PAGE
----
Foliage Follow-Up – April 2015
I didn’t do a foliage follow up post last month as I was bored with posting about the same plants all winter – even I couldn’t face another photo of Melianthus major but with the warm weather and spring well and truly upon us there are new leaves appearing even more than the new flowers. I love the freshness of the new leaves something which you get at no other time of the year especially when the late afternoon sun dips down and back lights the leaves. I have a few hostas but they are a plant I want to increase in the garden. The hosta above I have had since my first garden some 20 years ago. I have no idea what variety it is and it has been divided over and over again. This plant is residing under the Prunus kojo-no-mai; I have been dividing it and spread it to create a cushion of hosta under the shrub. It isn’t quite there yet but I think it will look lovely when it is. And yes there are some of the dreaded sycamore seedlings which I have missed.
An example of what I mean about the back lighting of foliage. Here is a run of the mill dogwood which came from my mother’s last garden. The young variegated leaves look wonderfully fresh but late in the day they positively glow and provide a nice contrast to the other green foliage around them.
Acer is another plant that has wonderful fresh foliage as well as good Autumn colour. I love both ends of the year but at this time of year the leaves look so fragile and feathery.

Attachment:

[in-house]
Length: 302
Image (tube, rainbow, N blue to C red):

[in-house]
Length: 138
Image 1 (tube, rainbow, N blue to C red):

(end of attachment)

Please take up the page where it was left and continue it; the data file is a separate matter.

Then we have the wonderful glossy leaves of Cardiocrinum giganteum which look almost like plastic and very unreal. I grew this plant last year but I really don’t remember the leaves being so shiny and yes there is another sycamore seedling – tsk!
Leptospernum myrtifolium was added to the woodland border last Autumn to provide a nice light contrast to the large Fatsia and Rhododendrons which are in the border. It is still a very young plant and is difficult to spot from a distance but I think it will be a good addition in time.
Berberis seiboldiwas purchased and added to the border at the same time. The leaves mature to a reddish-purple but I hadn’t realised that they opened with such a light green hue – like little torches in the border. I think that once the shrub bulks up it will really glow in the spring border.
So here are my Spring foliage highlights, for more foliage delights pop over to Pam at Digging.